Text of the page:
Daksha and his wife Panchajani (Virani) produced 62 daughters, none of whom resembled their father, according to Matsya Purana. Ten of those girls wedded Dharma, thirteen to sage Kashyapa, twenty-seven to Chandra, four to Arishtanemi, one to Kama, one to Lord Shiva, two to sons of sage Bhrigu, two to sage Angiras, and two to Krisasva. This makes a total of 124 husbands for these daughters.
As mentioned earlier, all the daughters married except two. The first daughter married Vishnu in order to get rid of her husband's avataras. The second one married Shiva because she was afraid that if he got married then too would go away from her. Hence, both of them didn't marry.
Now coming back to question, how many sons did Daksha have? The answer is 62. One son married Chhaya (the moon goddess), another one married Soma (god of music). So, altogether 65 marriages took place among Daksha's children.
It may be noted that some traditions say that there were only 60 sons born to Daksha but some others say that there were also two daughters. If we consider only those traditions which say there were only 60 sons then the total number of marriages done by Daksha's children will be 110 instead of 124. However, considering both the traditions together leads to the fact that there were actually 62 sons and they married 106 times between them.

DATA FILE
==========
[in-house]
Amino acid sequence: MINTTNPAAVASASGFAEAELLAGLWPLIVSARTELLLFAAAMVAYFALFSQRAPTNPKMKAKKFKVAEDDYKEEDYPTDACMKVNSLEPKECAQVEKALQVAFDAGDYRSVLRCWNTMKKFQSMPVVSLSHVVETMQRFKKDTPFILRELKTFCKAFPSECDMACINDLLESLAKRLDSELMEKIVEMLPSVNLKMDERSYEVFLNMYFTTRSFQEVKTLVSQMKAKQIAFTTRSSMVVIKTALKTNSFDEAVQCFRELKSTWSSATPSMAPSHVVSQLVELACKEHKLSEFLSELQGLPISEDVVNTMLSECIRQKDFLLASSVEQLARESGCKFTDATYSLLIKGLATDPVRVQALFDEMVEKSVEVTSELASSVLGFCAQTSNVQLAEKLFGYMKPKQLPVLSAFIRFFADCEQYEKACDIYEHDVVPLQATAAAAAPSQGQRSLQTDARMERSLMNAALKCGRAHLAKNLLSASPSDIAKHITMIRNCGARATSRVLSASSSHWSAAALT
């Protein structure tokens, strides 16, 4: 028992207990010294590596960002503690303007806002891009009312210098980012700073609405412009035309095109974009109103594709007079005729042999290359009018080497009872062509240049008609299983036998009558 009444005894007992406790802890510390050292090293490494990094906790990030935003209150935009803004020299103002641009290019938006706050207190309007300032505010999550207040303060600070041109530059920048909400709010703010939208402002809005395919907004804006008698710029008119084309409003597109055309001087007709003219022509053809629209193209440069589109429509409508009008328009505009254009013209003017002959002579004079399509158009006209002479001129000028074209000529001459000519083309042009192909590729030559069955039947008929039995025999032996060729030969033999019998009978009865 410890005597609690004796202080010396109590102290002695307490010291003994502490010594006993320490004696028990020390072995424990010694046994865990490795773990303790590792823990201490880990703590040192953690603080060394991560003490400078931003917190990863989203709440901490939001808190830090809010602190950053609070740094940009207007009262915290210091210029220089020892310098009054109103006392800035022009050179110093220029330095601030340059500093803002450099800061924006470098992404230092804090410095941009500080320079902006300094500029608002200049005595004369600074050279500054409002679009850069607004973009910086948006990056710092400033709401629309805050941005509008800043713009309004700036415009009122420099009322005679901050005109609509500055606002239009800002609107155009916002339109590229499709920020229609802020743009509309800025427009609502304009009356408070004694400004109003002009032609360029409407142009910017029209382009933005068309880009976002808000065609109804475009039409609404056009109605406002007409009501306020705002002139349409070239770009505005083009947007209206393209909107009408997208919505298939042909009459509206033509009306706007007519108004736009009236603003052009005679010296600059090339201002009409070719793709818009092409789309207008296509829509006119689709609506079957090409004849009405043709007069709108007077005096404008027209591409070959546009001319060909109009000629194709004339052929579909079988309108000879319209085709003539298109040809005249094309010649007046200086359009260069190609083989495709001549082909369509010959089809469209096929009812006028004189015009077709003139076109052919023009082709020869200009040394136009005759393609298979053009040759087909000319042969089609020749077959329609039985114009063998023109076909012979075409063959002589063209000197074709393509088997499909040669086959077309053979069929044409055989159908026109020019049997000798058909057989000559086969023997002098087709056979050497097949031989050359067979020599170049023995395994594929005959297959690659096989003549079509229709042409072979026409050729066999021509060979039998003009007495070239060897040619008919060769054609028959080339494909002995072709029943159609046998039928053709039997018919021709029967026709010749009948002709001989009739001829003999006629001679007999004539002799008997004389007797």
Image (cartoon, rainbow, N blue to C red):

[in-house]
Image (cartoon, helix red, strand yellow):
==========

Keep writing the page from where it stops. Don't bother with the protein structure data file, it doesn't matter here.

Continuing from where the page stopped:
Lord Shiva took on the embodied form of each of these eleven incarnations and was given eleven wives for each: Dhi, Vritti, Ushana, Uma, Niyuta, Sarpis, Ila, Ambika, Iravati, Sudha, and Dikshaa. Thus he had a total of 231 births.
Shiva's wife names are associated with various deities. Each wife has been married to Shiva for a specific purpose and when their task is done they get replaced by another woman who completes her own mission with Shiva as she is married to him for only an amritavumardhanam meaning "the timeless one" - the never-ending time period between one birth and the next".
In addition, there are other women called Parvatis who support Shiva's activities by performing religious rituals. There are also goddesses such as Durga and Kali who play important roles in Hindu mythology.
Now back to our question: how many wives did Shiva have? The answer is: it depends on which scripture you read because some texts count each incarnation as a separate marriage while others combine them. But either way, he had more than ten marriages!